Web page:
What is the biggest or most surprising finding from this study? 
The biggest surprise from this study is that patterns of isolation-by-distance and isolation-by-environment are more important in explaining population genetic differentiation than a commonly cited biogeographic barrier. This result really stresses the importance of incorporating spatial analyses when analyzing phylogeographic data because aspatial analyses may result in spurious results of population structure and mislead our ideas of what is driving population divergence and speciation.

Moving forward, what are the next steps for this research? 
Moving forward I plan to generate whole genome sequence data for species within this system to understand what loci may be under selection in response to environmental heterogeneity. Given the strong signature of IBE I expect to find patterns of strong selection along transects of temperature and precipitation across the Sonoran and Chihuahuan Deserts. Further, I am interested in how other regions globally that have been cited as important biogeographic barriers in phylogeographic studies might also be strongly influenced by patterns of IBD and IBE, and not vicariant barriers.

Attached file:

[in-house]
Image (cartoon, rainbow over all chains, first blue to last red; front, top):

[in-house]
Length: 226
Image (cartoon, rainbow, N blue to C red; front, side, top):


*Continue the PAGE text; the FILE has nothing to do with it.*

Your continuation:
What would your message be for students about to start their first research projects in this topic? 
There is so much great work published in the field of landscape genetics and comparative phylogeography and I would suggest that students start by combing through that work first. But as general advice I would suggest that students really explore their data in a meaningful way and spend some time thinking about what factors could be responsible for similar patterns observed in a genomic data set (e.g., IBD vs vicariance or selection vs historical demography).

What have you learned about science over the course of this project? 
I have really learned that genomic data should be carefully analyzed as to not be influenced by preconceived ideas of the system that you might be working within. Also, I think that this is becoming more and more true, but you have to collaborate in order to do great science.

Describe the significance of this research for the general scientific community in one sentence.
This work demonstrates that codistributed species do not have shared evolutionary histories, and that they do not respond to the same landscape and shared environment in similar ways.

Describe the significance of this research for your scientific community in one sentence.
Our work shows that simple patterns of isolation-by-distance and isolation-by-environment have contributed to population genetic differentiation more so than commonly cited biogeographic barriers.

Full article: Myers EA, Xue AT, Gehara M, et al.Environmental heterogeneity and not vicariant biogeographic barriers generate community‐wide population structure in desert‐adapted snakes. Mol Ecol. 2019;28:4535–4548.